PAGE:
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Sannō Shintō, also known as “Tendai Shintō” Sala, Emanuela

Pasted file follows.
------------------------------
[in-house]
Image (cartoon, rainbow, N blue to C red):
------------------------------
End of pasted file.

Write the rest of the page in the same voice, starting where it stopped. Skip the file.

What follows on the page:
Sannō shintō refers to narratives, doctrinal analyses and artistic depictions related to the “mountain sovereigns” (jp. Sannō), the deities of the Hie shrine, now Hiyoshi taisha, in Sakamoto at the foothills of Mount Hiei. In Sannō shintō, the identity of the Hie deities is chiefly conceptualised with the vocabulary and semiotic framework of Tendai Buddhism, and in special (but not exclusive) relation to the lineages residing at the Enryakuji on Mount Hiei, to this day the main Tendai centre in Japan. While the first extant sources relating the Hie deities to the Enryakuji date back to the ninth century, Sannō shintō reached its apex as a discourse in the middle ages (12th-15th century), throughout which the majority of the material extensively treating the identities of the deities was collected. More concretely, Sannō shintō can be defined in two ways. In a narrow sense, it only indicates discourses produced at the Enryakuji, mostly mythological and doctrinal, which establish correspondences between the deities of Hie and specific Buddhas and bodhisattvas. Although Sannō is a collective term for the whole host of deities enshrined in the twenty-one shrines of Hie, most often the “mountain sovereigns” are three of them: Ōmiya, presiding over the western compound of the shrines; Ninomiya, presiding over the eastern, and Shōshinji, also a deity of the western compound. In the “strict” definition of Sannō shintō, these are considered as emanations of, or identical to, three Buddhas: Śākyamuni, the main Buddha of the Western pagoda area of the Enryakuji (saitō), Yakushi (sskr. Bhaiṣajyaguru), presiding over the Konpon chudo in the Eastern pagoda area, and Amida (sskr. Amitabha), presiding over the Yokawa area. Such correspondences are sanctioned by monastic treatises such as the Keiranshūyōshū (14th century). At a broader level, however, we can say that Sannō shintō is also made up of discourses on the deities of Hie that do not quite befit the narrow interpretation. For instance, these might be mythological accounts produced at the Hie shrine, touching upon subjects such as the origin and enshrinement of the deities; accounts of the festival held each year for the deities, as well as monastic discourses which do not quite conceptualise the deities within the same correspondences of the narrow definition. In this entry I shall adopt the broader definition for three reasons. Firstly, because the medieval Hie shrines and Enryakuji were closely intertwined from an institutional point of view. Secondly, because the correspondences of the narrow definition do not represent the full extent of the diachronic evolution of Sannō shintō. Thirdly, because the “narrow” definition of Sannō shintō presupposes the “broader” one, especially from a mythological perspective. Thirdly, because textual material that presents the correspondences of the “narrow” version of Sannō shintō often also includes accounts produced not by monastics, but by priestly lineages at the shrines. Such is the case for two of the the texts which are considered synonymous with Sannō shintō, Yōtenki (13- 15th century) and Sange Yōryakki (13th century). Taking account of this, in consulting this entry one should keep in mind at all times that Sannō shintō was not a conscious religious group, but a discursive field comprising various mythologies, ritual and devotional aspects, all joined together by being centred on the same deities and the same place. Please note that this article focuses on the medieval discourse on the Hie deities, but not on Sannō ichijutsu shintō, the pre-modern discourse issued from Sannō shintō but focused on the Tōshōgū, in Nikko.
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